0.6 - 0.7 mm/y
0.5 - 0.6 mm/y
0.4 - 0.5 mm/y
0.3 - 0.4 mm/y
0.2 - 0.3 mm/y
0.1 - 0.2 mm/y
0.0 - 0.1 mm/y

110

120

130

-4
140

150

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Appendix A

CO2 CORROSION ISOPLOTS


pH 3.5

45
40
35

n > 10 mm/y
n 5 - 10 mm/y
n 0 - 5 mm/y

30
25
20
15

10
0

-1

0
30

Log(Pco2)

-2
40

50

60

70

-3

80

90

100

110

120

Temperature, degC

130

140

-4
150

pH 3.5

n
n
n
n
n
n
n
n
n
n

1.0
0.9
0.8
0.7
0.6
0.5
0.4

0.3

0.2

-1

0.1

-2

Log(Pco2)

-3

0.0
30

40

50

60

70

80

90

100

Temperature, degC

February 2000

0.9 - 1.0 mm/y


0.8 - 0.9 mm/y
0.7 - 0.8 mm/y
0.6 - 0.7 mm/y
0.5 - 0.6 mm/y
0.4 - 0.5 mm/y
0.3 - 0.4 mm/y
0.2 - 0.3 mm/y
0.1 - 0.2 mm/y
0.0 - 0.1 mm/y

110

120

130

-4
140

150

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Appendix A

CO2 CORROSION ISOPLOTS


pH 4

40
35
30

n > 10 mm/y
n 5 - 10 mm/y
n 0 - 5 mm/y

25
20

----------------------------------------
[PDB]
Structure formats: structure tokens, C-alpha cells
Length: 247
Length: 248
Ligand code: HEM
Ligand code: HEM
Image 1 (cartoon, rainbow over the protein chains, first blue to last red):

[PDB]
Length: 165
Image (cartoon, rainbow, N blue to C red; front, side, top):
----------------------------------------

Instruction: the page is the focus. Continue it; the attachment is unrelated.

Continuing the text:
15
10

1
0

5
-1
0
30

Log(Pco2)

-2
40

50

60

70

-3

80

90

100

110

120

Temperature, degC

130

140

-4
150

pH 4

n
n
n
n
n
n
n
n
n
n

1.0
0.9
0.8
0.7
0.6
0.5
0.4

0.3

0.2

-1

0.1

-2

Log(Pco2)

-3

0.0
30

40

50

60

70

80

90

100

Temperature, degC

February 2000

0.9 - 1.0 mm/y


0.8 - 0.9 mm/y
0.7 - 0.8 mm/y
0.6 - 0.7 mm/y
0.5 - 0.6 mm/y
0.4 - 0.5 mm/y
0.3 - 0.4 mm/y
0.2 - 0.3 mm/y
0.1 - 0.2 mm/y
0.0 - 0.1 mm/y

110

120

130

-4
140

150

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Appendix A

CO2 CORROSION ISOPLOTS


pH 4.5

30

25

n > 10 mm/y
n 5 - 10 mm/y
n 0 - 5 mm/y

20

15

10
1
5

0
-1

0
30

Log(Pco2)

-2
40

50

60

70

-3

80

90

100

110

120

Temperature, degC

130

140

-4
150

pH 4.5

n
n
n
n
n
n
n
n
n
n

1.0
0.9
0.8
0.7
0.6
0.5
0.4

0.3

0.2

-1

0.1

-2

Log(Pco2)

-3

0.0
30

40

50

60

70

80

90

100

Temperature, degC

February 2000

0.9 - 1.0 mm/y


0.8 - 0.9 mm/y
0.7 - 0.8 mm/y
0.6 - 0.7 mm/y
0.5 - 0.6 mm/y
0.4 - 0.5 mm/y